The Lloyd McClendon Show

Lloyd MClendon

If there is anything I’ve found incredibly refreshing about the Seattle Mariners this year, it’s Lloyd McClendon.  It’s clear he’s been around this game a long time. He managed the Pittsburgh Pirates through years of futility.  He also had great success as a coach in Detroit with very good Tigers teams. But in listening to him hold press conferences after games, what is really clear is this guy is about winning. He’s not afraid to hold players responsible for their performance individually or as a team.  Unlike his predecessors, there is nothing opaque about Mac or what he is thinking.

Last night is a perfect example.  The M’s had one of their rare offensive explosions and buried the hapless Red Sox 12-3 in what was supposed to be a pretty good pitching matchup between Felix Hernandez and John Lackey.  Felix did not look sharp early and Lackey did.  Tied 2-2 going into the fourth, Lackey sort of melted away, a bit like a profanity spewing Frosty the Snowman in the June sun.  Six runs later, all that was left on the mound was a half eaten carrot. The M’s went tacked on four more off reliever Chris Capuano.  The King left the game after the seventh for mop-up by Dominic Leone and Tom Wilhelmson.

I hung on after the game was over, even though I was really tired, to hear McClendon’s post-game interview.  The question came up, wasn’t it nice the M’s scored so many runs when Felix was pitching, after so few were scored in his previous three gems? McLendon’s response was all you need to know about Lloyd McClendon.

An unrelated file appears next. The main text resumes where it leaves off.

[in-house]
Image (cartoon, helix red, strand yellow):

It’s not a tough loss for Felix, it’s a tough loss for the Seattle Mariners.  We’ve got to stop thinking that way.  Felix is no different than any other pitcher on this team, except he’s great. But when we lose a game, we lose a game. When we lose, we lose together.  It’s not a tough loss for Felix. We do everything we can to score runs for him. Sometimes it works and sometimes it doesn’t.

McClendon identified the the catalyst of the rout, not as the King’s performance on the mound, or Logan Morrison’s two home runs, but Dustin Ackley’s 13 pitch groundout in the 4th that scored a run, and his hustle down the line that kept the inning alive. After that, Lackey clearly, profanely, melted down to such a degree he couldn’t be bothered to hustle to first base to turn the double play.

McClendon understands the essence of this game is about winning.   To win he has to have the people to do the job, but he’ll mix and match to try to put the right folks in a spot where they can succeed.  He’s faced injuries to his rotation, injuries to Saunders, Smoak, and Hart.  He’s gotten the best he can out of guys like Endy Chavez, Willie Bloomquist and Cole Gillespie.  He won’t smooth the egos of the young and ineffective.  If you can’t perform, you won’t play.  Ask Stefen Romero.

McClendon makes a difference with this team.  He wants to win.  I suggest Jack Z. and the ownership buffoons get on the train too, and find a way to make this team better so we can all enjoy a ride to the playoffs.



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